Switch to: References

Add citations

You must login to add citations.
  1. Doctors’ Perceptions of How Resource Limitations Relate to Futility in End-of-Life Decision Making: A Qualitative Analysis.Eliana Close, Ben P. White, Lindy Willmott, Cindy Gallois, Malcolm Parker, Nicholas Graves & Sarah Winch - 2019 - Journal of Medical Ethics 45 (6):373-379.
    ObjectiveTo increase knowledge of how doctors perceive futile treatments and scarcity of resources at the end of life. In particular, their perceptions about whether and how resource limitations influence end-of-life decision making. This study builds on previous work that found some doctors include resource limitations in their understanding of the concept of futility.SettingThree tertiary hospitals in metropolitan Brisbane, Australia.DesignQualitative study using in-depth, semistructured, face-to-face interviews. Ninety-six doctors were interviewed in 11 medical specialties. Transcripts of the interviews were analysed using thematic (...)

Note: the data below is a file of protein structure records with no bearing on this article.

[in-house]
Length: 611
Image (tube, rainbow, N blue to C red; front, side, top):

Direct download (3 more)  
    Export citation  
    Bookmark   1 citation  
  • In Defense of Altered Standards of Care for Ebola Infections in Developed Countries.Philip M. Rosoff - 2015 - HEC Forum 27 (1):1-9.
    The current outbreak of Ebola virus infection in West Africa continues to spread. Several patients have now been treated in the United States and preparations are being made for more. Because of the strict isolation required for their care, questions have been raised about what diagnostic and therapeutic interventions should be available. I discuss the ethical challenges associated with caring for patients in strict isolation and personnel wearing bulky protective gear with reduced dexterity and flexibility, the limitations this may place (...)
    Direct download (2 more)  
    Export citation  
    Bookmark   3 citations  
  • Institutional Futility Policies Are Inherently Unfair.Philip M. Rosoff - 2013 - HEC Forum 25 (3):191-209.
    For many years a debate has raged over what constitutes futile medical care, if patients have a right to demand what doctors label as futile, and whether physicians should be obliged to provide treatments that they think are inappropriate. More recently, the argument has shifted away from the difficult project of definitions, to outlining institutional policies and procedures that take a measured and patient-by-patient approach to deciding if an existing or desired intervention is futile. The prototype is the Texas Advance (...)
    Direct download (5 more)  
    Export citation  
    Bookmark   9 citations